Sure enough, getting away from the wealthy folks who have the spare cash to speculate in stuff, we're now seeing pooled funds set up just so that the average mom-and-pop investors who are simply trying to set some money back for retirement, can throw their bucks in too. What these folks don't realize is that they might as well just take their money to the nearest casino and drop it all on red for a single spin of the roulette wheel. They'll either win or lose, just as Bitcoin is either going to go up or down.
And, at least the casino will pay if you win. I get the idea that some of these "Bitcoin funds" actually own no, or very few, Bitcoins, but are simply the next wave of Ponzi schemes.
I got into a discussion about Bitcoin with retired financial advisor Charles Padua, who expressed concern that so many small investors seemed to be falling for Bitcoin. His take was that smaller investors should be in carefully asset-allocated portfolios so as to spread and minimize their risk, and if -- and this is a big if -- somebody determined to invest in any speculative investment, such as Bitcoin, they should limit their portfolio exposure to no more than 2%. But, he says, better not to invest in purely speculative investments at all.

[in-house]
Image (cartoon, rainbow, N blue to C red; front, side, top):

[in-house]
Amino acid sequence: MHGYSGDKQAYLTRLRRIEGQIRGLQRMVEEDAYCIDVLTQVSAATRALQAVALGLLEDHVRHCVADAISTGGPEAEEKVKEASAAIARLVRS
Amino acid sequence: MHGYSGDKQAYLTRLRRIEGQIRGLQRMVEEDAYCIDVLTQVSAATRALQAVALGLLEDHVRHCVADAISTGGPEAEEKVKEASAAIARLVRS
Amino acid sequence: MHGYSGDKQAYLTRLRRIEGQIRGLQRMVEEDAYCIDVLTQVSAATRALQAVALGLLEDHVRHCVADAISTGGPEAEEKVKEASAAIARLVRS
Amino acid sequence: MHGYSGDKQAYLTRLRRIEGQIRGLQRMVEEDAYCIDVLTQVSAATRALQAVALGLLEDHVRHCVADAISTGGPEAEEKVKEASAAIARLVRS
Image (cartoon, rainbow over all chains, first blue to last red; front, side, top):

This takes up back to the fundamental rule of investing, which is simply to buy low and sell high. Bitcoin is already high, and astronomically high compared to its true value. Folks who buy into Bitcoin now are quite likely to be buying high and will end up selling low. There is also an old investment adage to the effect that "the quickest way to lose money is to invest in something which is already hot." The idea there is that the folks who are going to profit have already made their money investing, and now are just looking for suckers to unload their investment on. Bitcoin is certainly hot; in fact, it's now the hottest thing going. That by itself should raise a bright red flag for investors.